ANCHORAGE (KTUU) - A new law taking effect on Jan. 1 will increase licensing fees for sport fishing, hunting and trapping in Alaska, the Department of Fish and Game announced on Thursday. Nonresidents will also pay increased tagging fees.
This is the first time in 24 years that Alaska hunting licenses have become more expensive, and the first time in 10 years that fees for fishing licenses have gone up, according to Fish and Game.
Hunting licenses for Alaskan residents will increase from $25 to $45 next year, but resident hunters will still not be required to pay tag fees for most species. Resident sportfishing licenses will increase just $5, from $24 to $29.
As for non-residents, the fee increases are slightly greater. An annual hunting license for a non-resident will cost $160 in 2017, nearly double that of this year. Click HERE to see a full list of the fee increases from Fish and Game.
Despite the increases, the Department of Fish and Game says Alaska’s licensing fees are “in line” with other states, and in many cases, both resident and non-residents have to pay significantly less for hunting and fishing licenses in Alaska.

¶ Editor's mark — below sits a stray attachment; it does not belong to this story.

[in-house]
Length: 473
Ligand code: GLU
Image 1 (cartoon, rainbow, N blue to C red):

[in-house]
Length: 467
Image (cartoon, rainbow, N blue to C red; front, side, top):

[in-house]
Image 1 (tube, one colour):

“The nonresident tag fees that are charged doubled with this bill. But even with that doubling, they’re still in some cases less than what an out-of-state person pays in other states,” said Maria Gladziszewski with the Division of Wildlife Conservation. “Even with the increases, [the fees] are still definitely less expensive for residents and not out-of-line for non-residents.”
The fee increases come as a result of House Bill 137, which was signed into law during the previous legislative session. The bill received broad support from conservation groups, sportsmen’s organizations, and the guiding industry, Fish and Game said.
According to Gladziszewski, groups like the Territorial Sportsmen, Safari Club International, Kenai River Sportfishing Association, the Alaska Professional Hunters Association and the Alaska Outdoor Council were among those that advocated for the fee hike.
“Basically sportsmen groups realized the need and started lobbying the state legislature a couple years ago to say ‘Hey, we want to pay for this. We want to continue the partnership to pay for what we use’,” Gladziszewski said. “It was in the tradition of sportsmen paying for conservation.”
Gladziszewski says the money earned from licensing and permitting fees plays a crucial role in conservation initiatives in Alaska, as well as getting additional funding from the federal government.
“The fee increases will enable the state to leverage tens of millions of Pittman-Robertson and Dingell Johnson federal aid dollars, which provide core management and conservation funding,” Fish and Game wrote in a Thursday press release.